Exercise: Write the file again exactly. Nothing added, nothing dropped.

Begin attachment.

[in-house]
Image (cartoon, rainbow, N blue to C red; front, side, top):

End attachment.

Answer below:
[in-house]
Image (cartoon, rainbow, N blue to C red; front, side, top):